Liberty Gardens, Liberty Bell Center, Philadelphia

This is a Sculpture at the Constitution Center where our group was headed by limousine.

Independence Hall, on a really dreary Philadelphia day, started in 1732 and completed in 1753, is thought to be the birthplace of the United States. It was within its walls that the Declaration of Independence was adopted and where the Constitution of the United States was debated, drafted and signed. This is the rear of the building in the plaza where the Liberty Bell is housed in another structure.

Another view looking at Independence Hall.

This is the courtyard garden at The Liberty Bell Center

View seen from the limo ride of ships along the waterfront, just before the big downpour. The limo was moving very fast and the ships were hard to capture, so we settle for roses above and a tree below.

Big Sailing Ship

My Garden Fling started a bit earlier than most, here in Philadelphia.

While not a Fling garden, I find Philly a most fascinating garden city with some of the most beautiful landscapes around. I would vote for Philly to host a Fling in the future, because the city has so much to offer a visitor.

What you are seeing here is The Liberty Bell Center gardens. They are small, but nicely done.

My cousin and her grandson, just as the sun starts to peek out and make for a nicer day.

Philly Phanatic statue, don’t ask what he is, because I have no clue.

When I lived in PA, I did get to Philadelphia pretty often because our business had season tickets to the Flyers, 76ers, and Eagles. I was quite a sports fan, but have to say it waned living here near Buffalo. No offense to the local teams, but the team spirit always seemed greater in Philadelphia. But Buffalo does do tailgate parties pretty darn good. Many are fair weather fans though.

I went to the Constitution Center with my cousin and her grand kids (above in limo) for a half day. We went in style in a stretch limo and our driver was named Ruben, a driver my cousin knew well. A very nice guy, he was the utmost professional. Why a limo? My cousin travels to Philadelphia this way often. I guess it is better than finding a parking place and dealing with traffic. Anyway, it was a nice ride.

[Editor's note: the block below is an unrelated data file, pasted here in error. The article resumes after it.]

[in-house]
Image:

First stop was the Constitution Center on this rainy day.

The Founding Fathers in The National Constitution Center. These statues were life size, but our founding fathers were rather short. I was taller than many of them.

The Boss and his Corvette. This was part of the Bruce Springsteen exhibit we had tickets for, but did not see. The kids were getting bored.

We did see an original copy of the Constitution.

This is the Sculpture on Transportation that was on exhibit. A detail of it is in the first image of the post. We were not allowed photos in the center unless part of a photography group, which the guards though I was a part. Rather than getting found out as an interloper, I lowered the camera to my waist and shot like a photo ninja, hoping to get a good exposure and focus. Not bad huh, for shooting in the blind?

The garden outside The Liberty Bell Center

This is the Liberty Bell. Well, at least the Liberty Bell stunt Bell, one of 55 imposter bells. I do not know if this is the actual Bell housed in The Liberty Bell Center, but my cousin’s grandson said this is a duplicate. I tried to find out but no luck. No one was talking. Anyway, it is displayed in a glass enclosure in beautiful accommodations, real or not.

Originally, the Bell hung in the bell tower of the State House, Independence Hall, today (and shown at the start of this post), back in 1753. The abolitionists rang the bell as a symbol of liberty because it was inscribed with “Proclaim Liberty” (you can see that barely in the image to the left). Today, the Bell is a symbol of America’s Freedom. Everyone who studied American history probably knows this information and why the Bell is cracked, so I won’t get into all of the History.

Pennsylvania loves its trees. It means Penn’s Woods literally, and PA is very respectful of the natural spaces, although they are becoming less and less.